1. Sidewalk @ Beach Area A
There are a total of five mini-beaches on Coney Island, creatively named A, B, C, D, and E. While they look mostly identical to each other, I thought it was a great idea splitting them up instead of combining the beaches into one, long sandy stretch. It feels more intimate and allows island-goers some privacy while admiring the scenery (if any).
Beach Area A stands out because of the sidewalk that takes you around the border of the island. Somewhat reminiscent of the steps alongside the Singapore River at Clarke Quay, it’s the perfect place for you to lepak with your friends and enjoy the windy breeze. Also an ideal location for you to be alone, the fading and almost desaturated sea provides an excellent backdrop (or front-drop) to let your friends know how ‘deep-in-thought’ you are.
2. Lalang Field @ Shelter 2
While there are numerous lalang fields (like, 20?) of various sizes scattered across Coney Island, the one at Shelter 2 is the vast-est and most appealing in my opinion. There are also a number of trees with crooked trunks located at the ‘start’ of the field that makes for an interesting frame. Great news for those travelling alone as well – you can easily place your smartphone or camera on one of the benches and set the self-timer. Be prepared to run fast and get your shoes dirty though, as it’s highly unlikely you can gingerly run to the above position in under 10 seconds (I should know, having tried it at least a dozen times).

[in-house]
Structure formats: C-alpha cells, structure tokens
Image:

The lalangs, however, are quite high, as you can see infer from the picture below (I’m 1.7m). Unless you’re planning a medium close-up or close-up shot, I think the one at Punggol Waterway Park is a more viable option (there seems to be a thing between Punggol and lalang fields…).
3. Canopy @ Shelter 2